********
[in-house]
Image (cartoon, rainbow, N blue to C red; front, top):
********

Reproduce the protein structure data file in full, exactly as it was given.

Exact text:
[in-house]
Image (cartoon, rainbow, N blue to C red; front, top):